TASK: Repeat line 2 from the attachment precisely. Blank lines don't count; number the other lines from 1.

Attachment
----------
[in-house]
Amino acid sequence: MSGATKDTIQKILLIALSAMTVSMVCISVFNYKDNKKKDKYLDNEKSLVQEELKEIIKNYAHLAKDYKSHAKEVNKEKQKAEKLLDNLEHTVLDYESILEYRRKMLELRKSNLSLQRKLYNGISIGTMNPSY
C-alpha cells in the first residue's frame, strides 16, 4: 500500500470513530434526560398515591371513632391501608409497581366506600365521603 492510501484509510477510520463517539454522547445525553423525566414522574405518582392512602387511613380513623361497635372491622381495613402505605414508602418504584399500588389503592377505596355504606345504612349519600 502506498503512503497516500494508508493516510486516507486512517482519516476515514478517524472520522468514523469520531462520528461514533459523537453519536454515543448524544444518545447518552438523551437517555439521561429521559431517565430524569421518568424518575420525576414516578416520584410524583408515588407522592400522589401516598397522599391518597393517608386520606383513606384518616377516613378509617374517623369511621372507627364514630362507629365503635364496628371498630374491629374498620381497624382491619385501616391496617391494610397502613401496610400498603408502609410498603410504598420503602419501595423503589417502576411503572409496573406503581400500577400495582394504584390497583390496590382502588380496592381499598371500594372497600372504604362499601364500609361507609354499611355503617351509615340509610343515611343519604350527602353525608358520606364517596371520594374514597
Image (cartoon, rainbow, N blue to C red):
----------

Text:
Amino acid sequence: MSGATKDTIQKILLIALSAMTVSMVCISVFNYKDNKKKDKYLDNEKSLVQEELKEIIKNYAHLAKDYKSHAKEVNKEKQKAEKLLDNLEHTVLDYESILEYRRKMLELRKSNLSLQRKLYNGISIGTMNPSY